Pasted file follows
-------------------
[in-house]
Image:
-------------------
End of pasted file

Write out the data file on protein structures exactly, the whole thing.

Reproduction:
[in-house]
Image: